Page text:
Thoracic Outlet Syndrome Follow-up

Updated: Jan 10, 2019
  • Author: Daryl A Rosenbaum, MD; Chief Editor: Sherwin SW Ho, MD  more...
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Follow-up

Return to Play

Return to play following treatment of thoracic outlet syndrome is difficult to generalize and depends on multiple variables, including the type of thoracic outlet syndrome, the presence of contributing factors, the treatment plan, the response to treatment, and the sport played.

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Complications

Ischemic changes, including gangrene, are potential complications of arterial thoracic outlet syndrome. Pulmonary embolism is reported in 0-28.5% of patients with subclavian-axillary venous thrombosis. Venous gangrene and upper extremity phlegmasia cerulea dolens account for 2-5% of all cases of phlegmasia. Nerve injury (eg, brachial plexus neurapraxia) is the most serious postoperative complication after thoracic outlet decompression. Bleeding problems from the subclavian vessels and lymph leakage from the thoracic duct occur infrequently.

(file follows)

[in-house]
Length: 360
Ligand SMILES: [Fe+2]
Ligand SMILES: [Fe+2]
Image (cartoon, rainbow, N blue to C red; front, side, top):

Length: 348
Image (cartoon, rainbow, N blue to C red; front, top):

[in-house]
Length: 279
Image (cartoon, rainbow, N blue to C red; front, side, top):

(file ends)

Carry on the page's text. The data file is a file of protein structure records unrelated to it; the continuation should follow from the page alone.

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Prevention

The patient should avoid repetitive motions, stressful lifting, and overhead work. Performing a regular exercise program for improving flexibility and strength is beneficial. Shoulder-elevating movements (eg, shrugs, hand circles) increase range of motion and aid in prevention, but they are not a treatment modality.

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Prognosis

Symptoms resolve with conservative therapy in approximately 90% of individuals. Postsurgical success rates over 1 year vary from 43-78%. A good surgical result means improvement, not total cure. Most patients are able to return to their previous lifestyle without difficulty. Job modification is required in individuals who perform repetitive activities, work on assembly lines, perform heavy laboring, or work with their arms elevated.

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Education

Inform patients that symptoms recur in 15-20% of patients. [53] The initial treatment is conservative in nature and includes a search for other diagnoses (see Differentials and Other Problems to Be Considered). Chronic pain may improve with the continued use of analgesics and a routine exercise and strengthening program.

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